The Stuff of Stars by Marion Dane Bauer, illustrated by Ekua Holmes
Before the universe was formed, before time and space existed, there was . . . nothing. But then . . . BANG! Stars caught fire and burned so long that they exploded, flinging stardust everywhere. And the ash of those stars turned into planets. Into our Earth. And into us.
Baby Monkey, Private Eye by Brian Selznick and David Serlin
Baby Monkey's adventures come to life in an exciting blend of picture book, beginning reader, and graphic novel. With pithy text and over 120 black and white drawings accented with red, it is ideal for sharing aloud and for emerging readers. Hooray for Baby Monkey!
Drawn Together by Minh Le, illustrated by Dan Santat
When a young boy visits his grandfather, their lack of a common language leads to confusion, frustration, and silence. But as they sit down to draw together, something magical happens-with a shared love of art and storytelling, the two form a bond that goes beyond words.
Adrian Simcox Does Not Have a Horse by Marcy Campbell, illustrated by Corinna Luyken
Adrian Simcox tells anyone who will listen that he has a horse--the best and most beautiful horse anywhere. But Chloe does NOT believe him. Adrian Simcox lives in a tiny house. Where would he keep a horse? He has holes in his shoes. How would he pay for a horse?
2019 Newbery Predictions
Newbery Medal is awarded to the most distinguished contribution to American literature for children.
The Assassination of Brangwain Spurge by M.T. Anderson, Eugene Yelchin
Uptight elfin historian Brangwain Spurge is on a mission: survive being catapulted across the mountains into goblin territory, deliver a priceless peace offering to their mysterious dark lord, and spy on the goblin kingdom — from which no elf has returned alive in more than a hundred years. Brangwain’s host, the goblin archivist Werfel, is delighted to show Brangwain around. Book Passage predicts this book to be the Winner.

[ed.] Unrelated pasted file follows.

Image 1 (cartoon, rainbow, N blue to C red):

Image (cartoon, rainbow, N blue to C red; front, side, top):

Front Desk by Kelly Yang
Mia Tang has a lot of secrets. It will take all of Mia's courage, kindness, and hard work to get through this year. Will she be able to hold on to her job, help the immigrants and guests, escape Mr. Yao, and go for her dreams?
Ghost Boys by Jewell Parker-Rhodes
Twelve-year-old Jerome is shot by a police officer who mistakes his toy gun for a real threat. As a ghost, he observes the devastation that's been unleashed on his family and community in the wake of what they see as an unjust and brutal killing.
The Parker Inheritance by Varian Johnson
When Candice finds a letter in an old attic in Lambert, South Carolina, she isn't sure she should read it. It's addressed to her grandmother, who left the town in shame. But the letter describes a young woman. An injustice that happened decades ago. A mystery enfolding its writer. And the fortune that awaits the person who solves the puzzle.
Secret Sisters of the Salty Sea by Lynne Rae Perkins
Alix and her sister, Jools, have never seen the ocean. When their parents pack them up for a week at the shore, Alix is nervous about leaving home, but excited, too. At the beach, the girls make friends, go exploring, and have adventures both big and small. They pick periwinkles, spot crabs, and discover that the beach is full of endless possibilities. As the week comes to an end, Alix is surprised to find she doesn’t want to leave!